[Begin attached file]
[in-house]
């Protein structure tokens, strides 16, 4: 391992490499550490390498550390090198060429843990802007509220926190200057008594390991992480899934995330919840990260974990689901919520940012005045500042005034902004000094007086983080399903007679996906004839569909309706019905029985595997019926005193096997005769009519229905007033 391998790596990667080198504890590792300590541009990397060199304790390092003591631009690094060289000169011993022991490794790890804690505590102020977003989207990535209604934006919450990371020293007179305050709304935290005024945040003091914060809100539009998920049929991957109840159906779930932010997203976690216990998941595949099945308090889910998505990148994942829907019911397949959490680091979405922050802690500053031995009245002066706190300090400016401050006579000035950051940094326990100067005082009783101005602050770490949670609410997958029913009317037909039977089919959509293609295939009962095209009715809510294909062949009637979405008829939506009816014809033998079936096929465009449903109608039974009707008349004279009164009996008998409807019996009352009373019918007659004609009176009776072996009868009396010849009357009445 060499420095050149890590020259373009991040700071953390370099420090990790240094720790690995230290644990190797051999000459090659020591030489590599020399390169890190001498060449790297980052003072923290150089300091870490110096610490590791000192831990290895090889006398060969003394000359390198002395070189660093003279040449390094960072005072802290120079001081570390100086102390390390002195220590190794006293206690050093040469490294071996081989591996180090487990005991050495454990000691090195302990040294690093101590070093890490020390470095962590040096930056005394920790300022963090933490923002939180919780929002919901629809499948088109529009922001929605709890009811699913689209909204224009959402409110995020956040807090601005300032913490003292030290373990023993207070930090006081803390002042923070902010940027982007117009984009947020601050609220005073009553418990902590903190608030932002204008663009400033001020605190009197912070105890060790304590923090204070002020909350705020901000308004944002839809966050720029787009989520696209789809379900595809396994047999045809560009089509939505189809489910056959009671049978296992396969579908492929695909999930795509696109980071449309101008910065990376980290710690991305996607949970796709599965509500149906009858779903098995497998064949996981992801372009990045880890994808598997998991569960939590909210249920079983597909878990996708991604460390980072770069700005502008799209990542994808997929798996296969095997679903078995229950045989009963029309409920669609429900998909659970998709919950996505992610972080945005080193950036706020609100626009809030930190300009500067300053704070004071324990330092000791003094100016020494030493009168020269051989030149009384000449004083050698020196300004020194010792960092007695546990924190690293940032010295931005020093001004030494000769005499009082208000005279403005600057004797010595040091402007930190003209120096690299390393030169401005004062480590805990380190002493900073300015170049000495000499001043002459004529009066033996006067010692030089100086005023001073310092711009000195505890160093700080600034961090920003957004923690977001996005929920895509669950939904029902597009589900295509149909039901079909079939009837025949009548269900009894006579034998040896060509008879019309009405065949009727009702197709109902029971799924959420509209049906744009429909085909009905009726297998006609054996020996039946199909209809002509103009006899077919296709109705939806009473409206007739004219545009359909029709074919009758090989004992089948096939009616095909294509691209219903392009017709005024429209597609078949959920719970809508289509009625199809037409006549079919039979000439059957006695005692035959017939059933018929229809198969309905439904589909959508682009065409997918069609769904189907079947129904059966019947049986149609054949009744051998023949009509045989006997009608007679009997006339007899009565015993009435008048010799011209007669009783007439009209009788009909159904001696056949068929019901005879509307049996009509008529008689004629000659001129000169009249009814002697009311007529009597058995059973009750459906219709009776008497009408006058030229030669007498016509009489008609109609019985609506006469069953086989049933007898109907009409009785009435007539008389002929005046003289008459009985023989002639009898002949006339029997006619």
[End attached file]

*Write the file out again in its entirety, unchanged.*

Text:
[in-house]
């Protein structure tokens, strides 16, 4: 391992490499550490390498550390090198060429843990802007509220926190200057008594390991992480899934995330919840990260974990689901919520940012005045500042005034902004000094007086983080399903007679996906004839569909309706019905029985595997019926005193096997005769009519229905007033 391998790596990667080198504890590792300590541009990397060199304790390092003591631009690094060289000169011993022991490794790890804690505590102020977003989207990535209604934006919450990371020293007179305050709304935290005024945040003091914060809100539009998920049929991957109840159906779930932010997203976690216990998941595949099945308090889910998505990148994942829907019911397949959490680091979405922050802690500053031995009245002066706190300090400016401050006579000035950051940094326990100067005082009783101005602050770490949670609410997958029913009317037909039977089919959509293609295939009962095209009715809510294909062949009637979405008829939506009816014809033998079936096929465009449903109608039974009707008349004279009164009996008998409807019996009352009373019918007659004609009176009776072996009868009396010849009357009445 060499420095050149890590020259373009991040700071953390370099420090990790240094720790690995230290644990190797051999000459090659020591030489590599020399390169890190001498060449790297980052003072923290150089300091870490110096610490590791000192831990290895090889006398060969003394000359390198002395070189660093003279040449390094960072005072802290120079001081570390100086102390390390002195220590190794006293206690050093040469490294071996081989591996180090487990005991050495454990000691090195302990040294690093101590070093890490020390470095962590040096930056005394920790300022963090933490923002939180919780929002919901629809499948088109529009922001929605709890009811699913689209909204224009959402409110995020956040807090601005300032913490003292030290373990023993207070930090006081803390002042923070902010940027982007117009984009947020601050609220005073009553418990902590903190608030932002204008663009400033001020605190009197912070105890060790304590923090204070002020909350705020901000308004944002839809966050720029787009989520696209789809379900595809396994047999045809560009089509939505189809489910056959009671049978296992396969579908492929695909999930795509696109980071449309101008910065990376980290710690991305996607949970796709599965509500149906009858779903098995497998064949996981992801372009990045880890994808598997998991569960939590909210249920079983597909878990996708991604460390980072770069700005502008799209990542994808997929798996296969095997679903078995229950045989009963029309409920669609429900998909659970998709919950996505992610972080945005080193950036706020609100626009809030930190300009500067300053704070004071324990330092000791003094100016020494030493009168020269051989030149009384000449004083050698020196300004020194010792960092007695546990924190690293940032010295931005020093001004030494000769005499009082208000005279403005600057004797010595040091402007930190003209120096690299390393030169401005004062480590805990380190002493900073300015170049000495000499001043002459004529009066033996006067010692030089100086005023001073310092711009000195505890160093700080600034961090920003957004923690977001996005929920895509669950939904029902597009589900295509149909039901079909079939009837025949009548269900009894006579034998040896060509008879019309009405065949009727009702197709109902029971799924959420509209049906744009429909085909009905009726297998006609054996020996039946199909209809002509103009006899077919296709109705939806009473409206007739004219545009359909029709074919009758090989004992089948096939009616095909294509691209219903392009017709005024429209597609078949959920719970809508289509009625199809037409006549079919039979000439059957006695005692035959017939059933018929229809198969309905439904589909959508682009065409997918069609769904189907079947129904059966019947049986149609054949009744051998023949009509045989006997009608007679009997006339007899009565015993009435008048010799011209007669009783007439009209009788009909159904001696056949068929019901005879509307049996009509008529008689004629000659001129000169009249009814002697009311007529009597058995059973009750459906219709009776008497009408006058030229030669007498016509009489008609109609019985609506006469069953086989049933007898109907009409009785009435007539008389002929005046003289008459009985023989002639009898002949006339029997006619």